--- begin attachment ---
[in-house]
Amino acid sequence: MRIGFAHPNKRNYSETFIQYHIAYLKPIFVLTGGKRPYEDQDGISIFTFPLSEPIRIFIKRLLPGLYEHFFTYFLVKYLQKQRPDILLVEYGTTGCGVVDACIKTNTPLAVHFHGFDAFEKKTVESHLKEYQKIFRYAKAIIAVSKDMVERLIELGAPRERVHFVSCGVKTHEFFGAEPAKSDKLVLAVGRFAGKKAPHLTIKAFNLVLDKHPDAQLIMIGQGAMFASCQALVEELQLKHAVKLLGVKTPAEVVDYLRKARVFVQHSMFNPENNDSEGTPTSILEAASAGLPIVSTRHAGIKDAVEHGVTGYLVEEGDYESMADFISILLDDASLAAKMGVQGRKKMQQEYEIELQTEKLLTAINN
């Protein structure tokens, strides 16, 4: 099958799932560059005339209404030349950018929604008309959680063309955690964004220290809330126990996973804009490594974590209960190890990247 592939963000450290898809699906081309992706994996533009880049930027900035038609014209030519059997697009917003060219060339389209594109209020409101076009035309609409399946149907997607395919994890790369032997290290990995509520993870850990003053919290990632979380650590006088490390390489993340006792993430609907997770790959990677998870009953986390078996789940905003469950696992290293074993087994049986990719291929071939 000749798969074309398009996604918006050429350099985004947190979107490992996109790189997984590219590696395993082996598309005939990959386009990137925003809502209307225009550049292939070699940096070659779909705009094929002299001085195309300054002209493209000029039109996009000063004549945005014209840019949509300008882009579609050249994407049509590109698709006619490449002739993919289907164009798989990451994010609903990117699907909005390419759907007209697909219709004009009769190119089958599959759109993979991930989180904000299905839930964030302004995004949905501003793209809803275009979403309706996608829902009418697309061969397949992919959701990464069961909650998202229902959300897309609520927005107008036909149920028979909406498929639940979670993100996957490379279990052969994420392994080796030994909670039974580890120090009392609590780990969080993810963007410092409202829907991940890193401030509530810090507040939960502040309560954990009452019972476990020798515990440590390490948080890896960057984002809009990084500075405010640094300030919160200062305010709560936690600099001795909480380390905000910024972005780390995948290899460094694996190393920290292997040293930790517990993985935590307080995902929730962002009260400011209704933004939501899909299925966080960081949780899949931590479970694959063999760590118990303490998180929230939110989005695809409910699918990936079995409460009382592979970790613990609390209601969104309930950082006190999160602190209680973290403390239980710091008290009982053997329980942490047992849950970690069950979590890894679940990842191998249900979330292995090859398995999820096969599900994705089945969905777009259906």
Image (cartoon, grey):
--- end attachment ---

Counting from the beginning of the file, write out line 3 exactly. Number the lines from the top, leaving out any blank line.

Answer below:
């Protein structure tokens, strides 16, 4: 099958799932560059005339209404030349950018929604008309959680063309955690964004220290809330126990996973804009490594974590209960190890990247 592939963000450290898809699906081309992706994996533009880049930027900035038609014209030519059997697009917003060219060339389209594109209020409101076009035309609409399946149907997607395919994890790369032997290290990995509520993870850990003053919290990632979380650590006088490390390489993340006792993430609907997770790959990677998870009953986390078996789940905003469950696992290293074993087994049986990719291929071939 000749798969074309398009996604918006050429350099985004947190979107490992996109790189997984590219590696395993082996598309005939990959386009990137925003809502209307225009550049292939070699940096070659779909705009094929002299001085195309300054002209493209000029039109996009000063004549945005014209840019949509300008882009579609050249994407049509590109698709006619490449002739993919289907164009798989990451994010609903990117699907909005390419759907007209697909219709004009009769190119089958599959759109993979991930989180904000299905839930964030302004995004949905501003793209809803275009979403309706996608829902009418697309061969397949992919959701990464069961909650998202229902959300897309609520927005107008036909149920028979909406498929639940979670993100996957490379279990052969994420392994080796030994909670039974580890120090009392609590780990969080993810963007410092409202829907991940890193401030509530810090507040939960502040309560954990009452019972476990020798515990440590390490948080890896960057984002809009990084500075405010640094300030919160200062305010709560936690600099001795909480380390905000910024972005780390995948290899460094694996190393920290292997040293930790517990993985935590307080995902929730962002009260400011209704933004939501899909299925966080960081949780899949931590479970694959063999760590118990303490998180929230939110989005695809409910699918990936079995409460009382592979970790613990609390209601969104309930950082006190999160602190209680973290403390239980710091008290009982053997329980942490047992849950970690069950979590890894679940990842191998249900979330292995090859398995999820096969599900994705089945969905777009259906």